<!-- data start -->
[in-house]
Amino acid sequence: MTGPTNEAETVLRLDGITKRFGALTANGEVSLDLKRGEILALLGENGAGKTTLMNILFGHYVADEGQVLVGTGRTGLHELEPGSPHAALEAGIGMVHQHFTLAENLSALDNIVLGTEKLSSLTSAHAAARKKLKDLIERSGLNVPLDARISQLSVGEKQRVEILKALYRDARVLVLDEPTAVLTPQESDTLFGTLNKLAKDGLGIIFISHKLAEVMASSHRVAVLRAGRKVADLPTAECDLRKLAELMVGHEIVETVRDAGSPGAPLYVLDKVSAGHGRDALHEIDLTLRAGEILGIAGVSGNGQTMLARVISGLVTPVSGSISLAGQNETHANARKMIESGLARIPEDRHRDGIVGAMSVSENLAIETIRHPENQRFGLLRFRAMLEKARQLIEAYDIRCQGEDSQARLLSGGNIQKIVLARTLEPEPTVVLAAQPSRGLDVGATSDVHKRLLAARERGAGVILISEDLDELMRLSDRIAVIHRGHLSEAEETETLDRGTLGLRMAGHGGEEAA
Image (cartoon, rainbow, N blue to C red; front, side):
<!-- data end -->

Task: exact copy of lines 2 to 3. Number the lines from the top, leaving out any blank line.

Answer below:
Amino acid sequence: MTGPTNEAETVLRLDGITKRFGALTANGEVSLDLKRGEILALLGENGAGKTTLMNILFGHYVADEGQVLVGTGRTGLHELEPGSPHAALEAGIGMVHQHFTLAENLSALDNIVLGTEKLSSLTSAHAAARKKLKDLIERSGLNVPLDARISQLSVGEKQRVEILKALYRDARVLVLDEPTAVLTPQESDTLFGTLNKLAKDGLGIIFISHKLAEVMASSHRVAVLRAGRKVADLPTAECDLRKLAELMVGHEIVETVRDAGSPGAPLYVLDKVSAGHGRDALHEIDLTLRAGEILGIAGVSGNGQTMLARVISGLVTPVSGSISLAGQNETHANARKMIESGLARIPEDRHRDGIVGAMSVSENLAIETIRHPENQRFGLLRFRAMLEKARQLIEAYDIRCQGEDSQARLLSGGNIQKIVLARTLEPEPTVVLAAQPSRGLDVGATSDVHKRLLAARERGAGVILISEDLDELMRLSDRIAVIHRGHLSEAEETETLDRGTLGLRMAGHGGEEAA
Image (cartoon, rainbow, N blue to C red; front, side):